Big Spring Skatepark taking shape

An Evergreen Skatepark employee spreads concrete using a heavy-duty hose Thursday.

Photo by Charlie Denison

Dan Reis, left, and Jason Stephens visit at the future site of Big Spring Skate Park Thursday morning. Stephens, who spearheaded the project with nonprofit Make It Happen, is also pouring concrete for Casino Creek Concrete. Reis is in town from Brazil filming a documentary on Montana skate parks.

Photo by Charlie Denison

A crew from Portland, Oregon’s Evergreen Skateparks works on Big Spring Skatepark Thursday morning. The project is moving along, as the skating bowl behind them indicates.
Photo by Charlie Denison

Charlie Denison


“This is amazing, dude,” said Jason Stephens, looking around the site soon to be known as Big Spring Skatepark. A Lewistown native who grew up skating, Stephens, co-founder of Make It Happen Montana, a local nonprofit working to empower youth and bring social change, can hardly believe his dream of seeing a skate park in town is becoming a reality.

Pouring concrete with Casino Creek Concrete, Stephens can’t stay away, doing all he can to be as involved with the project as possible.

“Try to keep me away,” he said. “I’m impossible to contain. I’m up at 4 every morning. I’m rolling with this thing. I just can’t believe it. It takes all I have just to keep it together.”

Proud and elated, Stephens looks around the site behind the Central Montana Museum, smiling as he works. When he doesn’t have to pour, he admires the employees of Portland, Oregon’s Evergreen Skateparks, who work diligently on quarter pipes, ramps and the signature skate park bowl.

The pouring of concrete began Monday and will continue for the next few weeks.

“We are pouring five days a week until it’s done,” Stephens said. “We are shooting for 100 yards a week, 20 yards a day.”

And so far, so good, Stephens said, as everyone is on the same page and the skate park is coming to life.

There are a lot of people involved in making this happen, Stephens said, and he’s glad to see everyone doing their part. Evergreen Skatepark owner Billy Coulon is leading the way as project manager, and those working with him are respecting his vision. Andy Mathison, owner of Casino Creek Concrete, for example, has been cool with taking direction, Stephens said.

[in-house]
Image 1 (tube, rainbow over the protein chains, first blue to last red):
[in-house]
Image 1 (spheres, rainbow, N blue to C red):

“Andy’s on top of it,” Stephens said. “He’s attentive to the mix design and open to an unconventional approach. He’s stepping out of his comfort zone and doing great.”

It’s all looking good, Stephens said, and on schedule.

“We are moving faster than anybody thought,” he said. “Evergreen expects to be done in two to three weeks, and we expect to have a bonafide hard opening in August.”


Getting attention

Stephens isn’t the only one excited about this project. Dan Reis of Sao Paulo, Brazil, stopped at the site Thursday morning, taking pictures and doing some filming for his documentary, “Montana Grind,” inspired by Pearl Jam bassist Jeff Ament’s efforts to build skate parks all over the state. A Big Sandy native, Ament didn’t have a skate park growing up, and through Montana Pool Service, he’s been helping communities such as Big Sandy and Lewistown fill that void for the youth.

When Ament told this to Reis during an interview for the filmmaker’s Brazilian TV series on skating culture, Reis was fascinated. Not long after their meeting, Reis took a trip to Big Sky Country, and he’s been following Ament’s skate park progress ever since.

“This is my fourth time here,” Reis said. “I’ve been pretty much everywhere: Baker, Glendive, Malta Stephensville, Browning, and, now, here in Lewistown.”

Reis said he likes the “classic, traditional” feel of Lewistown and thinks it’s a beautiful area. He looks forward to seeing the skate park completed.

“Growing up in Sao Paulo, it was my dream to have a skate park nearby,” he said. “Skating at a skate park is where I feel closest to freedom.”

Reis said he hopes the skate park serves this purpose for children who may have a similar longing.

“I hope the park here connects more kids to skating and that they can use it as a tool for self-esteem, self-expression and to feel more connected,” he said.







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